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19th Nov 2015

Anonymous reveals this three-pronged attack in cyberwar against ISIS (Video)

This is what they can do...


Anonymous members are fighting ISIS hackers over the internet in a high-profile campaign to bring down their insidious propaganda arm.

‘What can a load of guys sat behind computers do to stop ISIS?’ was a question we saw pop up on Twitter the other day.

We’ve seen people call Anonymous ‘keyboard warriors’ and other words to that effect after #OpISIS was stepped up and #OpParis was launched to attack ISIS accounts in the wake of the terrorist atrocities in Paris.

Anonymous’ special @OpParisOfficial account now claims to have taken down more than 20,000 Islamic State-linked Twitter accounts.

But stopping the spread of online propaganda is just the tip of the iceberg, according to a statement on Pastebin from @AnonPress which explained the three major lines of attack its particular faction was undertaking under #OpISIS.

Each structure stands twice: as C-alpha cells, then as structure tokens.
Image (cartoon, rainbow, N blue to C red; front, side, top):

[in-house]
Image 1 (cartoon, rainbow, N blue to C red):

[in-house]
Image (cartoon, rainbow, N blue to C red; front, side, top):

“We target areas of influence, particularly toward the young and impressionable, and attempt to shut them down at the source.

“This is to stop the glamorization of attacks and ISIS’ actions to young people around the world. These are people who are good at coercing and influencing others to do their own bidding.

“One of the stark issues facing the West is people leaving their respective country to join ISIS and commit atrocities, and it is these initial lines of manipulation we aim to sever.


“Members and supporters of ISIS aren’t the most technologically aware. They do leave location data in photographs, they don’t cover their tracks and they sometimes tweet with location services on.

“I don’t think it needs detailing why uncovering geographical information on these people is beneficial, especially when passed to the relevant authorities.”


“Alongside regular communications are documents and other information that can be useful not only in understanding how ISIS operates and plans their attacks, but also the nature of them and their exit-strategies as well.

“We don’t expect to be able to stop attacks like those seen in Paris, but the information we can offer is of use to people who can.”